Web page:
Praying for our kids strengthened our resolve to stay focused on the vision for them. With your physical eyes, you see who a person is. With your spiritual eyes you see what a person can be. [1]

What vision do you have for your children? What does the garden look like in your home? Planting and watering is knowing your children and knowing scripture so that you can train them in the way they should go. Pray that they won’t just survive but pray that they will thrive. [1] Your family garden will thrive when you saturate your life with God’s word. Read God’s book so you will know what to teach your children and what to pray for your children.

Don’t just pray for them, pray with them. Praying for your kids is like taking them for a ride; praying with your kids is like teaching them to drive. [1] Repeat words from God’s book to your children. Pray those words together. Repeat them over and over again. Your prayer is for your children to use God’s word as their GPS to guide their way.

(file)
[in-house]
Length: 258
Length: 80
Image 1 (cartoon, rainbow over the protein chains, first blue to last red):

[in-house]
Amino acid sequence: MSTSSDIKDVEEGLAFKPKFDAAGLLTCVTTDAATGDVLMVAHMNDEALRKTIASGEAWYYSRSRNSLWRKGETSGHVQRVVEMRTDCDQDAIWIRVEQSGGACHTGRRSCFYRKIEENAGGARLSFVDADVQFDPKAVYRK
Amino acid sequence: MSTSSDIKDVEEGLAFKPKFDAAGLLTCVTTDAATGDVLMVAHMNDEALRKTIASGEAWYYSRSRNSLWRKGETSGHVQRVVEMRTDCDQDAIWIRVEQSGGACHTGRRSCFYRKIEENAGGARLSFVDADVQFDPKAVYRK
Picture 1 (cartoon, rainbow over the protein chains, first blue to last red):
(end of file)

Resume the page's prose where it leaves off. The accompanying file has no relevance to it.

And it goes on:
I remember the exciting days watching our children grow strong in their love for God and the exciting day when they became the drivers of their own children’s faith. Planting and watering little sprouts of faith in the tender hearts of their daughters and young sons.

The effect of planting is faith. The effect of watering is faith. But the decisive cause of faith — the life and growth of little sprouts of faith — is not planting and watering, but God.

 Rise during the night and cry out. Pour out your hearts like water to the Lord. Lift up your hands to him in prayer, pleading for your children.  (Lamentations 2:19)

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[1] Praying Circles Around Your Children by Mark Batterson